Packing list for PBP follow up - what worked and what didn't

My packing lists were quite a hit with people it seems.  I wrote them primarily for my own benefit and was pleasantly surprised when the statistics on the posts went through the roof in the run up to PBP.  They were published in Arrivee as well.

I got a lot of compliments on them during PBP which was very rewarding.  Hopefully I got most things about right and most riders will have been okay with what I had suggested.

I made a few small changes to the list pre-PBP and I have a few tweaks I would make in future.

What did I change from my original list?

In that list, I had questions/internal discussions on what rain jacket to take.  I had a very bulky, heavy, but effective one and a tiny little one that isn't really waterproof.

I decided to buy a new jacket and got a Gore Power jacket (didn't come with any extra power though!).  It was about half the weight of my previous jacket and worked very well.  I got to wear it on the last morning when it absolutely bucketed down from Dreux to Paris.  

I also did some weighing and measuring and chose to go with something slightly heavier, but warmer than the option of a long-sleeve base layer and arm-warmers.  I chose to take my Rapha Pro-Team jacket as it really is lovely and warm.  Turned out to be a good call as it was unseasonably cool on the 2nd night in particular.  

I left out my silk sleeping bag.  I was in a hotel for two nights, so it just seemed to be silly to carry something for only one night's usage.  So I didn't carry it, or need it.  I slept at the hotel (lovely clean, crisp, white sheets!) and on night three, I slept at Mortagne and was just fine without the bag.

What did I not use?

Clothing wise, I used everything at some point.  As above, it was pretty chilly on the nights, so long fingered gloves and all my layers just about was okay for me.

The stuff I didn't use is the stuff that you don't want to use:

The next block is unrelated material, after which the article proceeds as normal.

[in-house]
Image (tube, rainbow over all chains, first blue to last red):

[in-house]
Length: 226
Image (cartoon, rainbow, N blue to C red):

Tools, spare tubes, all medicines and emergency bits and pieces.

I did not need my travel towel this time, I showered in my hotel on the two nights there and then at Mortagne where I got a nice sized and clean towel for a shower. 

I also did not use my spork on this trip - but I wouldn't leave it out as it does make life easier in many circumstances, particularly on events where you are living off the land a bit more and want to be able to eat things bought from a supermarket etc.

The only thing I didn't use and probably wouldn't take again was a separate camera.  I have a crappy little point and shoot in the barbag.  I never took it out once.  My phone was in my back pocket and was far easier to use.  The photos weren't brilliant, but weren't terrible either!

What would I change for the next big ride?

As above, there's not much I would carry differently.  I got it about right for my needs.

However, I would make a change to how I carry stuff - I have been using a Revelate Viscacha saddlepack on and off for a while now.  Partly as a weight saving exercise (a Viscacha weighs 390 grammes, compared to, let's say a Carradice Super C Audax at 610 grammes and that's before you even think about the Bagman support at 400 grammes).  So, it seemed an easy way to remove over half a kilo from my setup.

I also have no saddle rails to attach a Bagman support due to my setup (COBL GOBL-R and Fizik Antares), so other than buying the SQR system from Carradice, mounting the Carradice became impossible.

It's only when you don't have a Carradice saddlebag that you realise just how good a Carradice saddlebag is and how versatile they are:

A Viscacha has no side pockets whereas a Carradice has huge sidepockets for snacks and stuff you need in a hurry.

A Viscacha is not particularly waterproof, whereas a Carradice is amazingly so.  Both are not quite in Ortlieb territory, but a Carradice will keep your stuff dry in some pretty terrible conditions, whereas the Viscacha lets water in pretty quickly.

You can put your rain jacket on toe straps on the lid of a Carradice.  Putting anything on top of a Viscacha is a bit bodgy and not terribly secure (see photo below of my sandals etc. balanced on top of the Viscacha).


And worst of all with a Viscacha, you have to be super diligent in packing with things you need placed at the back (front!) and stuff you don't towards the front (back!).  If you need something from deep in the bag, everything has to come out.  A Carradice is easy to flip open the lid and see what you want to get out etc.

Oh, and they do sway when you are out of the saddle, whereas a Carradice on a Bagman is pretty damn solid.

So, next time, it's either a Carradice on an SQR (or Bagman if I am on the geared bike) or, to be honest, what I used on many of my qualifiers is not really different in weight to the Carradice setup (call it 1000 grammes) which was my standard commuting rack (Tubus Fly at 340 grammes and an Ortlieb Front Roller Plus at 770 grammes).  

So that's my big takeaway from PBP, Viscacha/Alpkit/Apidura etc. are good bags and if every gramme matters, then they are a good option for ultra-distance racing.  But they are a bit of a pain and not very flexible compared to more traditional solutions.